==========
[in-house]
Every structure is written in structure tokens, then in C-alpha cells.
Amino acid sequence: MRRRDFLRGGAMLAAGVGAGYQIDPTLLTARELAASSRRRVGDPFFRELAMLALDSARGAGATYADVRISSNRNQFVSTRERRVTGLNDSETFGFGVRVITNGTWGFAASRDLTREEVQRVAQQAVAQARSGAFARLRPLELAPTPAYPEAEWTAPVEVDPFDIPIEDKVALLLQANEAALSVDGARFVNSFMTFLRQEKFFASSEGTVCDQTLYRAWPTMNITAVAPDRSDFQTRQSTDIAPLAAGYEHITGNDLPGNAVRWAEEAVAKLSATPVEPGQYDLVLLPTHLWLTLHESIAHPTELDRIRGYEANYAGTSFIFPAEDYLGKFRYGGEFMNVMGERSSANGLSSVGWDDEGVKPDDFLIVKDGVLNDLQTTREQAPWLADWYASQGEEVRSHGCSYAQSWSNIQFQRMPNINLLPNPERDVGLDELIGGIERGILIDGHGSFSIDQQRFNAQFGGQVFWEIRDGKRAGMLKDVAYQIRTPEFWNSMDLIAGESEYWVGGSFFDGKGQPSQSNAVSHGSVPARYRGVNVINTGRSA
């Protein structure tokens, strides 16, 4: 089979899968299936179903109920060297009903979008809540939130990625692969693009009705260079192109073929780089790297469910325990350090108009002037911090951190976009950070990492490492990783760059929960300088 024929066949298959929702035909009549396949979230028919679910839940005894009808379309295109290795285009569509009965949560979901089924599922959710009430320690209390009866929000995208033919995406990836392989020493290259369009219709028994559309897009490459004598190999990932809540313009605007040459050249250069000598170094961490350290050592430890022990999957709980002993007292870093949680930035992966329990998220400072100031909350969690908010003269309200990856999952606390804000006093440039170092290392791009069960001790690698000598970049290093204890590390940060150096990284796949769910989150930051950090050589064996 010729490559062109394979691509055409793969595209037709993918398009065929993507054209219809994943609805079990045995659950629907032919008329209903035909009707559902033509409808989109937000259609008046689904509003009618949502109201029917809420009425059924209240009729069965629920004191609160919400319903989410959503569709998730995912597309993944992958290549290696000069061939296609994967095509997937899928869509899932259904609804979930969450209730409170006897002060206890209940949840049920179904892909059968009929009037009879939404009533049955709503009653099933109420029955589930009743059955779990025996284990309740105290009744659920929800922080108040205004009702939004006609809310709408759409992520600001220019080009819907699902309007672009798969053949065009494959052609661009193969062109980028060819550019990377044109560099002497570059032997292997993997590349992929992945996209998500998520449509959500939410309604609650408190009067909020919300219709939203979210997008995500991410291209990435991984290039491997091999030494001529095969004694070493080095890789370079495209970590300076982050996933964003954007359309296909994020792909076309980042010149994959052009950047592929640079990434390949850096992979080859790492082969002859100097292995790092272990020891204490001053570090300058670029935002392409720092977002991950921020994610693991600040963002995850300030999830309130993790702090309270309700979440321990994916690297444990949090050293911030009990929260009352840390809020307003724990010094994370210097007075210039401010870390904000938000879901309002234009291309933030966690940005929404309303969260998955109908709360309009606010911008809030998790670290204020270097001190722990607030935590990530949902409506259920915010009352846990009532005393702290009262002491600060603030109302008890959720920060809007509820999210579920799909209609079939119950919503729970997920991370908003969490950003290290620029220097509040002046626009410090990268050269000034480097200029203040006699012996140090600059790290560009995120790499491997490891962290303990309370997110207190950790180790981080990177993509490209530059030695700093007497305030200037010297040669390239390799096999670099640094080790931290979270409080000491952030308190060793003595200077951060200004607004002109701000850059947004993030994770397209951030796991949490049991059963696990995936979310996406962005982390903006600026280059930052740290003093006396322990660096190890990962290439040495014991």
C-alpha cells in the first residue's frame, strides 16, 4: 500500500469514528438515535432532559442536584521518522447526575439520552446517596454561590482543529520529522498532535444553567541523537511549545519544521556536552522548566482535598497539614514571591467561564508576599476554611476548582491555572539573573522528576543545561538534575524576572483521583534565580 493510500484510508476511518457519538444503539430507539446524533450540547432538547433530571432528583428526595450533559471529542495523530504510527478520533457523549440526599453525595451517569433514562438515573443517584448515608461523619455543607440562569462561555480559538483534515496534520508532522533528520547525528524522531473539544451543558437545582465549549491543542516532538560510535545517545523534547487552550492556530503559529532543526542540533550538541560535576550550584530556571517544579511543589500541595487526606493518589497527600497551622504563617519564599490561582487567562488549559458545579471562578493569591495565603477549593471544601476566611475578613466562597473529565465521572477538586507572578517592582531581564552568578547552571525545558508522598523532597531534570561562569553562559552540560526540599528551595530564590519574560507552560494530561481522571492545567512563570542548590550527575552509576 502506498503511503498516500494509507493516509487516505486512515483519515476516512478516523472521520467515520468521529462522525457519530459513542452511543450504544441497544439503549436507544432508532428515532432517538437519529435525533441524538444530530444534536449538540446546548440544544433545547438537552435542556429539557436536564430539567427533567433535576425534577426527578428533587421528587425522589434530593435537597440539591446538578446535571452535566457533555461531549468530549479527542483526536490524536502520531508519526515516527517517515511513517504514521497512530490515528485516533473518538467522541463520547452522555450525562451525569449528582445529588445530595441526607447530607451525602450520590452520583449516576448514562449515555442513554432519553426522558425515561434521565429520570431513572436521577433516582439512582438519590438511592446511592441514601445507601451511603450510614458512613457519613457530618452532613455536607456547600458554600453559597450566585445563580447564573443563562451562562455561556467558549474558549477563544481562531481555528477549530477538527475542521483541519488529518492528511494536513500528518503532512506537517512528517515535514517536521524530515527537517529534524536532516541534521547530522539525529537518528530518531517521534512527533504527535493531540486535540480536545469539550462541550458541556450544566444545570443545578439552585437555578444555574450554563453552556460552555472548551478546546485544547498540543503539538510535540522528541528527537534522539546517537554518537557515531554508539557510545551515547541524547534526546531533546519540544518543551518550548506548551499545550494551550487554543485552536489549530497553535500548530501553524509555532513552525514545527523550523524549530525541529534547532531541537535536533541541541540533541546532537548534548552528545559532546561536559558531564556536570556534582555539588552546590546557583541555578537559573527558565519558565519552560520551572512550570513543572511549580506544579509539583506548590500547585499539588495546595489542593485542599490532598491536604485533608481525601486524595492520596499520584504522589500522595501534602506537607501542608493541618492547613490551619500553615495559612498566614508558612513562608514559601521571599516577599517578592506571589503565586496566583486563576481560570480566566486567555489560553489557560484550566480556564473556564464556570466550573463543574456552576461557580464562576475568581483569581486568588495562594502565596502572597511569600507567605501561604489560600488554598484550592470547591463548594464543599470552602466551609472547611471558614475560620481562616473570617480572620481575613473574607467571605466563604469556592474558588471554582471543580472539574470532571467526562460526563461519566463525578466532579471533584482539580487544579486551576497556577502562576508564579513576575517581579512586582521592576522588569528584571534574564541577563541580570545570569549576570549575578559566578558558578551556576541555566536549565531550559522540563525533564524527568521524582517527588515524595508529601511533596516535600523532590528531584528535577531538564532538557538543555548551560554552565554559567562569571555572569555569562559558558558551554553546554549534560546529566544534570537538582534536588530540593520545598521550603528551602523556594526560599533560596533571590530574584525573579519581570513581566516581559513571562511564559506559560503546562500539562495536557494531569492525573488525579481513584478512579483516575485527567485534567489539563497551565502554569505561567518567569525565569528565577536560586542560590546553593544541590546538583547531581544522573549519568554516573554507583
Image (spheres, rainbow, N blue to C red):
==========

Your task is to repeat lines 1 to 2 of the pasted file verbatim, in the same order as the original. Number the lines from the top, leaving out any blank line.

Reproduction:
[in-house]
Every structure is written in structure tokens, then in C-alpha cells.